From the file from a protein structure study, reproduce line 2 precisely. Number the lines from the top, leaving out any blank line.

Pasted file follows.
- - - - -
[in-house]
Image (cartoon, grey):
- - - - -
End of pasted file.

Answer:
Image (cartoon, grey):